My experience is quite opposite. I have a well treated room ( bass traps in corners, RFZ points treated, aurlex and clouds, but I did have carpet. To top that off I am 47, been playing elect. guitar for 39 years, and was havng the hardest time hearing around 2-4 k when mixing. I just installed wood floors, and my room now sounds amazing! I haven't recorded any full songs yet, just overdubs, but those tracks just stand on their own in a very clear, nice way. I also remixed some earlier recordings and the remixes are just so much more pleasant to listen to with no harshness in earlier mixes. While I was at it, I went and had my hearing checked and sure enough, between 3-4k I have a 20db dip (probably from the guitar over the years - I play loud, er used to!LOL), but that on top of the carpet absorbing those freq's, I was really struggling. I use Dynaudio BM5a's at the moment, and would have liked to spend the $7K I used on the floor for some Focal's, but went the floor route instead. I have no regrets. Perhaps next year I'll upgrade the monitors, but I feel having a well tuned/treated room is crucial in accurately recording and mixing music. My room is +/- 10 db from 50hz up to 14k, then it spikes up 2 more db, so I'll need to go after that next.
That's kool!! I think the point I'm trying to get at in this thread is logic.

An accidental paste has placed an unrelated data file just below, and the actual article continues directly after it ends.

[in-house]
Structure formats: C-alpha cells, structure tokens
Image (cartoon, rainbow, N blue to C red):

If you plug a line in mic to a soundblaster 16 you can guarantee it won't sound fantastic in any scenario and further still if don't know what to do with it after it's been recorded.

I think it's not one thing but a collection of things that equate to a good sound.

It's not the end of the world if you have an imperfect room, just like you can get great results from substandard gear. It's all about the know how..

If you have an imperfect room but know it's quirks, then you get around it with a duvet or six :P

If I close mic my vox on an SM7b the room does not become a massive factor, don't get me wrong if I can hear a truck passing by outside.. Or I say hello in a room and I can have a delayed conversation with myself, I really need to sort it out.

It takes talent and some common sense, that's all..
Old 9th September 2011
  #9
Kind of a weird statement to make!

An "untreated" room can sound great. Providing you like the sound of the room. A "treated" but dry room won't help your drum or acoustic recording.

Your singer may have sounded great in the room you had, but if you wanted a dry upfront vocal, or you wanted to record a voiceover, you'd have been out of luck. Most of the time, for pop/rock, you compress the vocal a lot - and room tone will be very noticeable, and not always appropriate.

A treated room is much more important for mixing. For recording, you just want it to sound good - treated or untreated, designed or just lucky.

Oh, and a bat cave could sound great...esp for drums....have to move the batmobile first though.
Old 10th September 2011
  #10
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Quote:
Originally Posted by psycho_monkey View Post
Kind of a weird statement to make!

An "untreated" room can sound great. Providing you like the sound of the room. A "treated" but dry room won't help your drum or acoustic recording.

Your singer may have sounded great in the room you had, but if you wanted a dry upfront vocal, or you wanted to record a voiceover, you'd have been out of luck. Most of the time, for pop/rock, you compress the vocal a lot - and room tone will be very noticeable, and not always appropriate.